Welcome to the Sustainable Urban Transport Project (SUTP)
GIZ will hold a joint workshop with the Islamic Development Bank (IsDB) and International Road Transport Union (IRU) on Bus Improvement and Bus Rapid Transit in Istanbul, Turkey. The training will be supported by Embarq-Turkey. With more than 13million inhabitants, Istanbul is one of the biggest cities in the world. Meeting the increasing mobility demand of their citizens, Istanbul implemented in 2007 a Bus Rapid Transit (BRT) line called Metrobüs. Since then, it has been expended several times. Currently, Metrobüs carries around 800,000 passengers per day on its 52 km long routes with 45 stations. It is the only intercontinental BRT system in the world.
Many cities in the region are facing considerable mobility challenges. Often, municipal urban transport systems are not meeting the requirements in terms of capacity, quality and reliability and are under immense pressure from informal operators. Further, the integration of various public transport modes and especially their integration with walking and cycling are not meeting the expectations of the public.
The regional training on “Bus Improvement and Bus Rapid Transit” is jointly organized by the German International Cooperation (GIZ) and Islamic Development Bank Group (IsDB) in cooperation with International Road Transport Union (IRU). The training will be hold in Istanbul, Turkey from the 24th to the 26th of April in 2014 at the same time as the international “Bus World Turkey Exhibition”.
In late March 2014, German experts visited the Ukrainian cities Lviv (in the West) and Donetsk (in the East) to work with local experts and activists on cycling infrastructure. They inspected recently constructed bicycle infrastructure to provide suggestions on safety and usability improvements for future projects. Additionally they reviewed the existing plans for bicycle development in both cities to provide suggestions, based on Western European expertise and technical knowledge.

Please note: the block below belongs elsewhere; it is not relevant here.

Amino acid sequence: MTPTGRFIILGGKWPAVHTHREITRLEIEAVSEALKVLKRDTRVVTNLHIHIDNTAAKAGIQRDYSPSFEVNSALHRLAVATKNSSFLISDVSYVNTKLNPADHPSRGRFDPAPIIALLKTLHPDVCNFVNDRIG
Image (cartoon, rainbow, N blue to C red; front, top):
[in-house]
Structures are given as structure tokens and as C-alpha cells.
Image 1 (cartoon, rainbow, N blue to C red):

Cycling and pedestrianisation in Lviv
At the beginning of April, the City of Lviv conducted a public workshop on the subject of future bicycle policy. The workshop supported the development of ideas and strategies to improve the popularity of cycling in daily life and to summarize and structure the results of previous and ongoing efforts. The results will be used as part of the city’s overall vision for bicycle development.
“Vision zero” – that’s what transport experts call the goal of zero traffic accident-related fatalities. In fact, the number of traffic fatalities in Europe has been falling for several years now: 100 cities in Germany with a population of more than 50,000 have achieved zero traffic fatalities in at least one of the past four years – four cities even had no traffic fatalities since 2009 at all. For cities with a population of more than 200,000 three have achieved “vision zero” in one of the recent years. Still, the risk of accidents remains particularly high in urban areas with all traffic participants sharing a dense space. Urban accidents accounted for almost three quarters of all accidents in Germany in 2012, causing more than 1,000 deaths. Despite recent positive developments, the numbers illustrate that there still is a long way to go.